Fyllis Hockman recalls a sobering visit to Austria’s Mauthausen concentration camp and why we should never forget.
by Jan Myers
"You go ahead in and I'll stay on the boat and watch," I found myself telling my son, Maxx, as he jumped into the water with his snorkel gear. I had been feeling a bit anxious about my first snorkeling attempt, and as I looked at the others from our shore excursion group already looking confident in the water, I decided maybe this just wasn't for me.
Maxx and I were on a Carnival Cruise together. It was my idea to take him on a cruise for his sixteenth birthday—just the two of us on a mother-son bonding trip. He loves to travel and since he had never been on a cruise before, he was excited. So was I. I was hoping this trip would help clear some of the awkwardness that often sets in between moms and their teenage sons.
It's funny, but not so long ago, I was one of Maxx's favorite people. We would spend hours building with Lincoln Logs and Lego's. He couldn't wait to tell me all about his day at school. He used to share his thoughts and dreams with me. At one time, he even asked my advice regularly. However, as parents know, life with kids is definitely a journey with many stages. With Maxx, we are currently in the "I don't need mom for anything anymore" stage (except maybe help with homework).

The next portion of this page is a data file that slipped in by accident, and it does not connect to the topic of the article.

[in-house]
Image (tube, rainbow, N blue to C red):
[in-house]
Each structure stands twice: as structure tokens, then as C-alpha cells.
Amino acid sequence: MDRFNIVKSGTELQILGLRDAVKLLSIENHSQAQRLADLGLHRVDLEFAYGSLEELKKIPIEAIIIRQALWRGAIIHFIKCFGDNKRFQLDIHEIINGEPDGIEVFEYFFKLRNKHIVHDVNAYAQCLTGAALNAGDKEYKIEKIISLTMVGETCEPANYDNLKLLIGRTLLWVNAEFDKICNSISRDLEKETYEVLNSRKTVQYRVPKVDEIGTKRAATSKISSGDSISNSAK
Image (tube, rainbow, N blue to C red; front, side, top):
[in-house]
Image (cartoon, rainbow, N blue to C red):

In my mind, the cruise was sure to change all that.
But there I was, sitting on the side of the snorkeling excursion boat by myself while Maxx flippered away. What a metaphor for our relationship. I had to do something to add a little glue to our bond.
"Ok, I'm coming in!" I said. Thankfully, one of the snorkel guides was nearby as I jumped in and immediately lost my snorkel. I watched it sink toward the bottom of the sea and of course, I couldn't plunge in after it with my life vest on. Quick as a fish, the guide dove down and retrieved it. Whew! How embarrassing! I was glad Maxx didn't see me do that.
by Paul Ross
A vacation on a large cruise ship is a lot of things: convenient, easy, hassle-free (unpack once!), planned and scheduled, largely affordable, entertaining and unchallenging. You’ll know when, where, with whom and pretty much what you’re going to eat, who won the knobby-knees contest at the aft deck pool between the disco and life raft station zebra and exactly how long the “endless night soiree” will last. What’s not to like? At times, and on specially-themed outings, there are even opportunities to learn something. But, mostly, there is relaxation--especially during those long “days at sea.” Yes, vacation cruising can be many things. But it is not travel.
Travel can include difficulty, surprise, expense (both monetary and personal), challenge and always a chance of the unknown, which necessitates awareness. There are “lessons” aplenty but they’re rarely pre-digested and aren’t spoon-fed. You not only learn about the places and people you visit, but also about yourself.
You’ll have to find eateries on your own and they may be native and weird. Or, as an adult, you might even enjoy a brand new taste sensation. There may be a schedule--which can vanish in the instant it takes to get a blown out tire, be caught in a storm, or meet an unexpected situation or person of interest. Cruising is Disneyland afloat. Travel is what happens behind the scenes, beyond the gates and out in the world. The challenge is real but so are the adventures, discoveries, revelations and delights.